Let’s now try to apply this principle:

Example 1: We have a cell with 500 bands and a cluster with compute nodes having 16 cores per node. We aim for 8 bands/core, which unfortunately means 62.5 cores. It is better to have even numbers, so we increase the number of bands to 512 by setting NBANDS=512 in the INCAR file and allocate 64 cores, or 4 compute nodes.

Example 2: Suppose that you want to speed up the calculation in the previous example. You need the results fast, and care less about efficiency in terms of the number of core hours spent. You could drop down to 1 band/core (512 cores), but there is really not that much improvement compared to 2 bands/core (256 cores). So it seems like 256 cores is the maximum number possible. But what you can do is to take these 256 MPI processes and spread them out over more compute nodes. This will improve the memory bandwidth available to each MPI process, which usually speed things up. So you can try running on 32 nodes, but using 8 cores/node instead. It could be faster, if the extra communication overhead is not too large.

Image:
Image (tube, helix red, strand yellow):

K-points and KPAR

The next step is to consider the number of k-points. VASP can treat each k-point independently. The number of k-point groups that run in parallel is controlled by the KPAR parameter. The upper limit of KPAR is obviously the number of k-points in your calculation. In theory, the maximum number of cores you can run on using combined k-point- and band-parallelization is NBANDS * KPAR. So for example, 500 bands and 10 k-points would allow up to 5000 cores, in principle. In practice, though, k-point parallelization does not scale that well. What I have found on the Triolith and Beskow systems is that supplying KPAR=compute nodes usually allows you to run on twice as many cores as you determined in the previous step, regardless of the actual value of KPAR. I would not recommend attempting run with KPAR>compute nodes, even though you may have more k-points than compute nodes.

(Note: A side of effect of this is that the most effective number of bands/core when using k-point parallelization is higher than without. This is likely due to the combined overhead of using two parallelization methods.)

Example 3: Consider the 500 bands cell above. 64 cores was a good choice when using just band parallelization. But you also have 8 k-points. So set KPAR to 8 and double the number of cores to 128 cores (or 8 compute nodes). In this case, we end up with 1 k-point per node, which is a very balanced setup. Note that this may increase the required memory per compute node, as k-point parallelization replicates a lot of data inside each k-point group. If you would run out of memory, the next step would be to lower KPAR to 2 or 4.

Basis set size, LPLANE and NGZ